Students share their diagrams with the class, and the teacher points out specific features of diagrams.
3: Reflecting on Water Changing Landforms
Students return to the Water Changes Landforms Anticipatory Chart to add new ideas about how water can change the shape of a landform.

2-5 Scale of Erosion
Overview: Students return to the Chalk Model they investigated in Lesson 2.2 to add details to their understanding of how water changes landforms. They spray chalk with water as they did in Lesson 2.2, but this time, they pay close attention to the size of the pieces that break off the chalk. This leads students to discover that water causes tiny pieces to break off landforms. Then, students rub two pumice rocks together and observe how the pumice breaks down into very fine powder, or, very tiny pieces. This experience gives students a sense of the scale of the pieces that break off real landforms during erosion. At the end of the lesson, students reflect on some of the activities they’ve done in Chapter 2 and the evidence each of the activities has provided to support the idea that water erodes landforms. The teacher uses students’ ideas to populate the Evidence for How Water Erodes Landforms Chart. The purpose of this lesson is for students to learn that water hitting a landform causes tiny pieces of the landform to break off.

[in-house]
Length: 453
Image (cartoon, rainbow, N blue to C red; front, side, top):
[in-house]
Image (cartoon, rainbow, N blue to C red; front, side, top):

Students learn:
• Water hitting a landform causes tiny pieces of the landform to break off.
• Scientists often have to think about things at very different scales.

Lesson at a Glance
1: Scale of Erosion in the Chalk Model
Students revisit the Chalk Model to pay close attention to the size of the pieces of chalk that break off when water hits the models.
2: Investigating Pumice Rock
Students rub two pumice rocks together and observe what happens.
3: Making Sense of How Landforms Erode
The teacher leads students in reviewing what they have done in this unit to learn about how landforms erode.

2-6 Explaining How the Cliff Changes
Overview: Students are introduced to the Building on Ideas discourse routine. Building on Ideas helps students speak and listen to one another constructively. In this lesson, students use this routine to discuss their ideas about how the recreation center’s cliff changed. Students then diagram how the cliff changed. The class returns to the guidelines for writing scientific explanations that were introduced in Chapter 1, and the teacher introduces the final guideline: It uses science words. Students then write scientific explanations about how the cliff changed. This is the second Critical Juncture in the unit. Students’ diagrams and written explanations are used as a two-part Critical Juncture Assessment of students’ understanding about how water erodes a landform. The purpose of this lesson is for students to use ideas they have learned from investigations and books to construct diagrams and scientific explanations.